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The next step is to correlate the surprises to: 1) the difference in the marketing year feed and residual projection in the WASDE reports preceding and following the release of the stocks estimates (March/April and June/July), and 2) the difference between the USDA marketing year projection of feed and residual use prior to the release of the stocks estimates (March/June WASDE) and the final estimate of marketing year feed and residual use at the end of the year (November WASDE). We do not examine the same relationships for the December 1 stocks estimate due to the complication introduced by likely changes in the production estimates from the November forecast, as described above. In Figures 4 through 9, the magnitude of the surprise in the March 1 and June 1 stocks estimates is plotted on the horizontal axis. If the magnitude of the surprises in quarterly stocks estimate were reflected one-for-one in subsequent changes in WASDE forecasts of feed and residual use, or the difference between the WASDE forecast prior to the release of the stocks report and the final estimate of feed and residual use, the observations in Figures 4 through 9 would all fall on a line with a slope of -1 and an intercept of zero (stocks surprises and implied feed and residual usage surprises are identical but with opposite signs). In Figure 4, for example, a surprise of 100 million bushels in the March 1 stocks estimate implies that feed and residual use during the December-February quarter was 100 million less than expected. If that difference were fully reflected in the April WASDE report, the forecast of feed and residual use for the year would be 100 million bushels less than forecast in the March WASDE report.

The relationship between the March 1 stocks surprise and the change in the April WASDE forecast of feed and residual use (Figure 4) indicates that, as expected, a positive surprise is generally followed by a lower projection of feed and residual use and vice versa. However, the slope of the line (-0.49) indicates that the change in the feed and residual projection tends to be about half (in absolute terms) the size of the surprise in the stocks estimate. The fit is also relatively low, with an R2 of 0.52. The relationship between the March 1 stocks surprise and the difference between the March WASDE forecast and final estimate of feed and residual use (Figure 5) is not strong. The slope of the line (-0.35) indicates that the difference between actual feed and residual use and the March WASDE forecast is only 35 percent (in absolute terms) of the size of the surprise in the March1 stocks estimate. The widely scattered observations (R2 of only 0.07) suggests that the March 1 stocks surprise is not a good predictor of the difference between actual feed and residual use and the March WASDE forecast. This is not surprising since the marketing year is only half completed by March 1 and a number of factors other than feed and residual use during the second quarter of the marketing year will influence feed and residual use in the last half of the year. There are some large deviations between actual observations and the estimated fit in Figure 5. Excluding one of those large "outliers" (Figure 6) obviously improves the fit and suggests that the March 1 stocks estimate could be a slightly better predictor of the difference between actual feed and residual use and the March WASDE forecast than implied by Figure 5. The difference has tended to be about 60 percent (in absolute terms) of the magnitude of the surprise.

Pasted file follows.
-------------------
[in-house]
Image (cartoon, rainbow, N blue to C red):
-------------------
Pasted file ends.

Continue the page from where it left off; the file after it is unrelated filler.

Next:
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Figures 7 through 9 show the same analysis for the June 1 stocks report as described for the March 1 stocks report. Since the marketing year is nearer completion in June, the relationship between surprises in June 1 stocks estimates and both the changes in July WASDE feed and residual use projections and the differences between actual feed and residual use and the June WASDE forecast are expectedly much stronger than is the case for March 1. Still, the change in the feed and residual estimate in the July WASDE tends to be about 60 percent as large (in absolute terms) as the surprise in the June stocks estimate (Figure 7). The fit is respectable, with an R2 of 0.72. The difference between actual feed and residual use and the June WASDE forecast tends to be about half as large (in absolute terms) as the magnitude of the surprise in the June 1 stocks estimate (Figure 8), but the correlation is relatively low. Removing the large "outlier" of June 2010 substantially improves the R2 to 0.89 (Figure 9).